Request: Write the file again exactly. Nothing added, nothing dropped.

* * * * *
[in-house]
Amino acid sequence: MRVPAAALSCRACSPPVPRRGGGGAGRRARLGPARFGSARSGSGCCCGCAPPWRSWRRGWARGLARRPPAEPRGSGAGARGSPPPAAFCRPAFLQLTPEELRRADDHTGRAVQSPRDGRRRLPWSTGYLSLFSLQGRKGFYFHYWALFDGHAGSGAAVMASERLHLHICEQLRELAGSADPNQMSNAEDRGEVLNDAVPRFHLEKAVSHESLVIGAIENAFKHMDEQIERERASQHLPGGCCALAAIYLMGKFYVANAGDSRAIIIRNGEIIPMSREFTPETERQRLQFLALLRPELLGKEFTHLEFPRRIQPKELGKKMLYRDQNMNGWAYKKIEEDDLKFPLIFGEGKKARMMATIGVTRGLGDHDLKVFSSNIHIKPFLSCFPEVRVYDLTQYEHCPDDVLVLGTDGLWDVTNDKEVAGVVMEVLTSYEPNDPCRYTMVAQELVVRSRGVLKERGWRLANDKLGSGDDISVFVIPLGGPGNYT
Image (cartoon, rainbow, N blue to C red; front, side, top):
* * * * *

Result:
[in-house]
Amino acid sequence: MRVPAAALSCRACSPPVPRRGGGGAGRRARLGPARFGSARSGSGCCCGCAPPWRSWRRGWARGLARRPPAEPRGSGAGARGSPPPAAFCRPAFLQLTPEELRRADDHTGRAVQSPRDGRRRLPWSTGYLSLFSLQGRKGFYFHYWALFDGHAGSGAAVMASERLHLHICEQLRELAGSADPNQMSNAEDRGEVLNDAVPRFHLEKAVSHESLVIGAIENAFKHMDEQIERERASQHLPGGCCALAAIYLMGKFYVANAGDSRAIIIRNGEIIPMSREFTPETERQRLQFLALLRPELLGKEFTHLEFPRRIQPKELGKKMLYRDQNMNGWAYKKIEEDDLKFPLIFGEGKKARMMATIGVTRGLGDHDLKVFSSNIHIKPFLSCFPEVRVYDLTQYEHCPDDVLVLGTDGLWDVTNDKEVAGVVMEVLTSYEPNDPCRYTMVAQELVVRSRGVLKERGWRLANDKLGSGDDISVFVIPLGGPGNYT
Image (cartoon, rainbow, N blue to C red; front, side, top):